Mercedes-Benz GLC 300 4Matic Review
Entering The High Life

clifford chow
6 Feb 2020

Coming back to the GLC, it would then be inadvertently benchmarked against by the smaller Merc SUVs, for reasons of quality, street-cred… you name it. 

The GLC is one of the most important cars for Mercedes-Benz, in-fact it is one of their best-selling current models. As luxury SUV sales have risen over the last two decades, amidst a market which has become equally more discerning; competition has also gotten stiffer.

Luxury brands are now even offering in-betweener models (mostly within their more attainable range of cars), which sit somewhat midway in-between the traditional established model types. In the case of Mercedes-Benz, we have the new GLA and GLB cars, that are in this case, below the GLC. Manufacturers have identified that there is great demand for smaller cars like these, and have gladly responded by filling up this lucrative white space.

Coming back to the GLC, it would then be inadvertently benchmarked against by the smaller Merc SUVs, for reasons of quality, street-cred… you name it.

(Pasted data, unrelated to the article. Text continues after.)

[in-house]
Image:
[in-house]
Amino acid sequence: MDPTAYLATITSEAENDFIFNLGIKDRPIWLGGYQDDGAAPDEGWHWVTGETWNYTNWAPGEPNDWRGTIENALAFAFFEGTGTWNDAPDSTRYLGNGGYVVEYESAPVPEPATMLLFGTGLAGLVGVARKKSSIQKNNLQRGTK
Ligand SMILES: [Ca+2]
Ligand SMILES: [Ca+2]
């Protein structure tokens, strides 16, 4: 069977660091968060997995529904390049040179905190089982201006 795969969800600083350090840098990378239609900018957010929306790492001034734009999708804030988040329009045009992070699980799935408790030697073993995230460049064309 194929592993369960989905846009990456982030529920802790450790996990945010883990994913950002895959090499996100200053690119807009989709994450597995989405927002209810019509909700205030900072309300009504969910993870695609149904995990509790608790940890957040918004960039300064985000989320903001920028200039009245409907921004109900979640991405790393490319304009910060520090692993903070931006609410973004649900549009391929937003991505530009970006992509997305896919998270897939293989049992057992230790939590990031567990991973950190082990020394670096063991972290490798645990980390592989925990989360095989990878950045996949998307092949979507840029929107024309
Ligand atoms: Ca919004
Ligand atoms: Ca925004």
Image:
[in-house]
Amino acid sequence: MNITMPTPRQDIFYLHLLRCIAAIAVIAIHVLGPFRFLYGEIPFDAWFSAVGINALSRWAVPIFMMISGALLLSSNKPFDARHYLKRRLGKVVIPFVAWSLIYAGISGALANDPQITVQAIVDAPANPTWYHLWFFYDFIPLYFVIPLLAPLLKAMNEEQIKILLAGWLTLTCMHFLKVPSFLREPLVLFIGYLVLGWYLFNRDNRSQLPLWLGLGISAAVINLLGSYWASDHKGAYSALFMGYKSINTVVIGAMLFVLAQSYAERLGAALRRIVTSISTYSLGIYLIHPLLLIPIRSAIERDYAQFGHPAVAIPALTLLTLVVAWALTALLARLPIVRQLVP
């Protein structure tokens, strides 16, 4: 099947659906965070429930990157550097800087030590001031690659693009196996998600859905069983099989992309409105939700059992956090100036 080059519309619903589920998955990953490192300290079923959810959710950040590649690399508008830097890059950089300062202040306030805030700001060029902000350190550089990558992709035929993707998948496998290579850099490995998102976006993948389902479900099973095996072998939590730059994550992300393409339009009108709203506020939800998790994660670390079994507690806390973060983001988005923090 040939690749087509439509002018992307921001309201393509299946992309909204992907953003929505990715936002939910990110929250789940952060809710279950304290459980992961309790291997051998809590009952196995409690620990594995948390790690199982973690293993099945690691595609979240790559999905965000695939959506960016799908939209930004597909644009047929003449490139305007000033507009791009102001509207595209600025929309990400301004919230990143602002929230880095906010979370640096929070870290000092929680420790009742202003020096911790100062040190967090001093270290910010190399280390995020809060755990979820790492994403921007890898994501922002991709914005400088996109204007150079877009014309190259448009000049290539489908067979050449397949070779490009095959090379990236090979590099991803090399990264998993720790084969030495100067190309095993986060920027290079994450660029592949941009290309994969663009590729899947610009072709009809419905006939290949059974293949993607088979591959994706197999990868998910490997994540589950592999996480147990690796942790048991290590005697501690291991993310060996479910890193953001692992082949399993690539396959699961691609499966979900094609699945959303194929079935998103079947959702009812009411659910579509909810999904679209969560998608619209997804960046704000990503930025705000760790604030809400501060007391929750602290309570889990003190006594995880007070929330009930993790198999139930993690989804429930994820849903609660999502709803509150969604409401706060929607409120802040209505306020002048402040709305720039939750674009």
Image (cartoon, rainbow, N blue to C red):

Just fresh out form a mid-life facelift, the GLC now sports a reworked front and rear-end. Re-designed LED headlamps now features new torch-design daytime running lights, while a re-designed and enlarged decorative skid plate sits in-front of an extensively re-styled front bumper.

Mercedes seem to have also stepped away from their tradition of striped tail lights, and are now individual elements within their lenses. A visually balanced-off rear bumper also carries a smaller faux skid plate, which surrounds chromed bumper-attached exhaust finishers.

Overall, the bodywork of the GLC has remained rather untouched, and I would not want any changes, as it does cut quite a handsome silhouette.


While external stylistic tweaks have been quite subtle, the dash has been given a thorough reworking. A new 12.3” digitised instrument panel means greater flexibility in displaying information to the driver. 

A new steering wheel, featuring Touch Control buttons, which can even be found entry Mercs like the A-Class Saloon, aids in easier navigation of the new infotainment system; the latter which is now equipped with MBUX - Mercedes-Benz User Experience, responds to "Hey Mercedes" to activate its functions; from adjusting the air-conditioning to finding your next destination.

The tiny screen surrounded by a thick bezel on the pre-facelift, which fronts the infotainment system, makes way for an improved 10.25” unit. Another important change, which is relief for one of my biggest gripes, is with the replacement of the taller touchpad, and rotary wheel combo; this got in the way of the buttons flanking the pad (very annoying, especially on performance-oriented Mercs, since they visually blocked off the suspension damping adjusters). In-place, a simpler flat touchpad, combined with an easier-to-work interface brings justice.